14. Social support reduces resting cardiovascular function in women.

    Science.gov (United States)

    Hughes, Brian M; Howard, Siobhan

    2009-10-01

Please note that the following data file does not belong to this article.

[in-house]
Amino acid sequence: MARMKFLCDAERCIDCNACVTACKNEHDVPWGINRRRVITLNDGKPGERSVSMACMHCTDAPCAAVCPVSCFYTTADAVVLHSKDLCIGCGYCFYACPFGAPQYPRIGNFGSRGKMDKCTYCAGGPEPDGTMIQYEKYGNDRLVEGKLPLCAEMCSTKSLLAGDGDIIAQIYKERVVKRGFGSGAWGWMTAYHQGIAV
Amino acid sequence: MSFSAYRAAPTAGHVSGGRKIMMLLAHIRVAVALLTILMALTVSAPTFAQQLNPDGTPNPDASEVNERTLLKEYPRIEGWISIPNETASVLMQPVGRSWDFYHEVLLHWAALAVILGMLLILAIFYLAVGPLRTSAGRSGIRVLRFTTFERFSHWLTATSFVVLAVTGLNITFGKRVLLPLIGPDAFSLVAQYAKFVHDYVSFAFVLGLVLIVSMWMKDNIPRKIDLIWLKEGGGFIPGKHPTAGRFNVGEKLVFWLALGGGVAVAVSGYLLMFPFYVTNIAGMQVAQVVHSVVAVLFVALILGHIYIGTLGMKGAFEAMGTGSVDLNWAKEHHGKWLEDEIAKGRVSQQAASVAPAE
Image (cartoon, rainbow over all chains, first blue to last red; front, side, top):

Social support is believed to benefit cardiovascular health in part by buffering recipients from life stress. Classically, this has been investigated by exploring the relationship between support and cardiovascular reactivity to laboratory stress. Such research customarily emphasizes stress responses and downplays the relevance of resting cardiovascular levels. However, it is now appreciated that resting cardiovascular function is associated with disease risk independently of reactivity. Moreover, such mechanisms are known to be relevant to female members of the population, despite the fact that much previous research has focused on males. Reactivity research rests on the assumption that stress promotes gradual hypertension over time. As such, it is important to establish the relationship between psychosocial factors and resting blood pressure. In a cross-sectional biopsychosocial screening study, we examined resting cardiovascular levels in 211 healthy non-smoking women, using regression to assess associations with psychometric indices of social support (namely, perceived network size and perceived satisfaction with support) while controlling for a range of potential biometric and psychometric confounds. Overall, social support was found to be associated with reduced resting cardiovascular function independently of, and to a greater extent than, biometric variables, anxiety, and depression. Benchmarking these effects against the differences in cardiovascular function between the present sample and a group of 92 similarly aged males revealed that social support accounted for as much variance as gender, which is widely assumed to be an important biomedical determinant of blood pressure. Such findings corroborate assertions that social support influences disease risk in ways that involve direct psychosomatic mechanisms.